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-   -   Nightmare Trim (http://www.diychatroom.com/f4/nightmare-trim-181303/)

Silverpointe 06-04-2013 10:52 PM

Nightmare Trim
 
First, I want to disclaim that I am a total newbie to DIY home improvement outside of basic painting so any "dumbing down" is appreciated.

Recently purchased an old 1910's colonial house and while repainting most of the rooms, I discovered several problems with the trim. It's really the trifecta of problems.

1. The painter's tape lifted off portions of the existing trim paint in several areas - windows, fireplace, crown molding, etc. In these areas, you can literally peel it off in sheets. Once this happened in one room, I didn't tape the other rooms but it is already occurring on the window cases throughout the home.

2. The trim in every room is a different shade of off-white except for the living room which appears to be more recently done. The other rooms are all varying shades of mid to dark beige which I really dislike.

3. The third problem is that the previous homeowners did a less than stellar job of painting and their wall colors bled onto the trim in many areas so there are no sharp lines between trim and wall. If the color was consistent from room to room I would consider trying to match the color and spot paint these areas.

Whatever the remedy is, it needs to be something that I can do myself and replacing it is not an option, unfortunately. I realize that fixing just the problem areas is a temporary measure but it may be all I can do.

Thanks in advance for any advice.

chrisn 06-05-2013 05:06 AM

Hate to tell you but, it sounds to me like somebody painted latex over oil without proper prep. The only solution is to remove the peeling latex and start over with PROPER prep work. Sorry.

Jmayspaint 06-05-2013 07:32 AM

Yea, Chrisn is right. And that's a disaster not easily fixed, or even patched up decently.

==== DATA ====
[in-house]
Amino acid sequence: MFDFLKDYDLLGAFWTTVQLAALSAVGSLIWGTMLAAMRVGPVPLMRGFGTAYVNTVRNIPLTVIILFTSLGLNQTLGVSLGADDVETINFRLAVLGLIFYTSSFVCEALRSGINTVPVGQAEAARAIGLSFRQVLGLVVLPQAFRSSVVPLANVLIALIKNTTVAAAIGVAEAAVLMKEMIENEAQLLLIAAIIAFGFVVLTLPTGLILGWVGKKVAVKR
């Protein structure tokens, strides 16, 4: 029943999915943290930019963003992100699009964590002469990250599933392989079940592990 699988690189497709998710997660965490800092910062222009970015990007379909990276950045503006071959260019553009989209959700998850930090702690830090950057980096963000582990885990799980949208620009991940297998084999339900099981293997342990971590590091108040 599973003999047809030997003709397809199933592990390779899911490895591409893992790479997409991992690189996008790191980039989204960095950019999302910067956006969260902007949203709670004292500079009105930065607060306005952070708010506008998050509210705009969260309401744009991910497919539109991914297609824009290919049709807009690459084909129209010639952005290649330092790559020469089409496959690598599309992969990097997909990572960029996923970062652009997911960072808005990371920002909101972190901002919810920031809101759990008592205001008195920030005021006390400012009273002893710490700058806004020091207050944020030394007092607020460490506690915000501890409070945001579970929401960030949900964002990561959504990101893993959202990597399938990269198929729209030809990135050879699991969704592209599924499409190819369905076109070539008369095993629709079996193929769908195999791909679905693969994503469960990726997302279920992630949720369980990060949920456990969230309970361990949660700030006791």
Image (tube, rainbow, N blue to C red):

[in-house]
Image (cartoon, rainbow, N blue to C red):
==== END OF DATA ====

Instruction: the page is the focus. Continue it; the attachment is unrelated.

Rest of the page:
Another real bummer in your situation is the original paint on the trim is almost certainly lead based.
This is a common problem. People often will slap a quick coat of paint on an old house without proper prep to increase the sale value. The thing is, if you know what your looking at, it really decreases the value because it costs way more to fix this problem than to paint it right the first time.

Another pro stated on another forum that with only minimal scraping, he has primed all the trim with an oil bonding primer (Not kilz) then finished with a good latex, and had decent results.

There is really nothing you can do short of stripping all the loose paint off and starting again that will eliminate the chipping problem. Partial removal, and the method above might improve it somewhat, but its not a fix.
Whatever you do, educate yourself on lead paint first.

Hey Chrisn, what about wallpapering the trim? Think it would stay if you glued it on real good?
:jester:

Jmayspaint 06-05-2013 07:38 AM

I don't know how to post a link to another thread, but there is a recent one entitled 'Trim Not painted properly' that deals with this issue.

ToolSeeker 06-05-2013 09:42 AM

Could you not use something like a peel bond rather than sand or scrap. Really don't have to go down to the bare wood just the peeling. Then with mask all the sanding would be to feather the edges a little. Then good bonding primer and paint.

jagans 06-05-2013 10:00 AM

If your house is that old it probably has plaster walls. You are going to end up painting the walls anyway, so I would try mixing up hot water and TSP and try washing off the paint on the trim. Put down drop cloths and plastic, and duct tape plastic to the wall under the windows to direct your solution away from the walls.

The paint guys here know of a wash type stripper that is even better than TSP, and does not require extensive rinsing. Im sure they will post it here soon. If the paint is coming off with an adhesive as weak as that which is on painters tape it should wash off. Maybe even white vinegar in hot water will work. Buy some scotch brite pads, and rubber gloves.